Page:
Dr Marji Puotinen, from AIMS, said the study came about after a colleague wondered why Scott Reef in Western Australia had significant damage but hadn’t experienced any significant weather events.
The research will help groups running coral rehabilitation and restoration programs decide what areas of reefs they should put money and effort into.
“We don’t want to spend millions of dollars trying to save a reef or part of a reef if it’s likely to get smashed up by cyclones all the time,” Dr Puotinen said.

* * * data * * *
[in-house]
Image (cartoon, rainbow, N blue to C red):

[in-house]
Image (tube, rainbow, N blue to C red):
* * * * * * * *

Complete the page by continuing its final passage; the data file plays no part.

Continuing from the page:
The group of scientists examined data on 150 coral reef eco-regions around the globe, crunching information gathered between 1985 and 2015 to understand the impact cyclones can have from afar.
“Just because damage can be happening up to a thousand kilometres away it doesn’t mean that there’ll be damage every single place within that distance from the track,” Dr Puotinen said.
“Reefs block each other from wave energy. It’s amazing that when a big wave comes along almost 97 per cent of that energy gets lost when it interacts with the first part of the first reef it encounters.”